DHS Finalizes Rule to Increase Fees

The U.S. Department of Homeland Security (DHS) finalized a rule that will increase immigration fees. The proposed rule was issued on May 4, 2016, and the final rule will go into effect on December 23, 2016 (60 days after publication). The fees in the final rule remain unchanged from the fees originally proposed. DHS says the new fees are needed to maintain adequate services and recover costs and proposed after a comprehensive fee review. The fee hike will affect many, including those most commonly applying for a Form I-140, where the fee will go up more than 20%. Other significant increases include the Form I-129, Petition for a Non-Immigrant Worker, which will go from $325 to $460; the Form I-485, Application to Register Permanent Residence of Adjust Status, which will go from $985 to $1140; and the Form I-539, Application to Extend/Change Non-Immigrant Status, which will go from $290 to $370. In July, the U.S. Government of Accountability Office released a report that found that better oversight, monitoring and reporting of DHS programs are needed in order to show how the Agency’s collection programs are operating. To see all the new fee changes, see the “Summary of Final Fees” chart in the Federal Register.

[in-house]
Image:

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About ABCs of Immigration Law
The global economy has become increasingly transactional and transcontinental. Since 9/11, there have been many amendments to immigration laws in the United States that have largely affected both individuals and businesses. Cozen O'Connor's immigration law blog, ABC's of Immigration Law, focuses on the interests and the challenges faced by those individuals and business impacted by immigration laws.
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